In terms of model performance, the pilot-point-based approaches yield better results by reducing the misfit between all the observation groups and corresponding model outputs; however, the improvements are most prominent in the ME_head and WBE objective functions. The improvement in the ME_head was expected as a result of increased heterogeneity in hydraulic conductivity parameterization, though a better performance in WBE objective function is also achieved due to a better representation of groundwater/surface-water interactions. The less significant improvement of the NSE objective function relative to the ME_head BFI and WBE objective functions could be due to lack of flexibility in the spatial parameterization of overland flow including roughness coefficient, drainage time constant and leakage coefficient, as the main controlling parameters of the surface system. In addition, the NSE is mainly sensitive to the fit of discharge peaks and is therefore less dependent on a more detailed representation of the groundwater system. Due to spatial discontinuity of overland and unsaturated flow parameters and their subsequent insensitivity to the observations, parameterization of these parameters with the pilot point approach is challenging (Maneta and Wallender 2013). This issue has not been the focus of the current study and, therefore, has not been further explored.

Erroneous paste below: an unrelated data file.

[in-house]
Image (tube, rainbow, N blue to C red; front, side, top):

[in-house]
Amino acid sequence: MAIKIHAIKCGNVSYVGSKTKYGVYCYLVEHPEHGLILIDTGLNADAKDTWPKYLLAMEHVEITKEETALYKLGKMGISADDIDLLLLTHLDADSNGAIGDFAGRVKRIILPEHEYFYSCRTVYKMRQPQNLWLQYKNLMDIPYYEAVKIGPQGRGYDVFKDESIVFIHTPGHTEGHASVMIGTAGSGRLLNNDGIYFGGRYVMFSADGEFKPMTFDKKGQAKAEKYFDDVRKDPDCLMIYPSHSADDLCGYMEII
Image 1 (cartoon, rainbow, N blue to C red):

Furthermore, in this study, the trade-off between different weighting strategies of several independent objective functions in both parameterization approaches was investigated. The comparison of the two weighting strategies in which higher weights are given either to head or discharge observation groups, reveals that the performances of the models calibrated with the pilot point approach are less affected by changing the weights compared to the traditional calibration approach. The trade-off between different objective functions in the pilot-point-based approaches is smaller compare to the unit-based approaches, which most likely results from an increased capability of the model to accommodate some of the structural inadequacies.